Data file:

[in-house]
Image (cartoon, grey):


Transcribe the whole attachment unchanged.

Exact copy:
[in-house]
Image (cartoon, grey):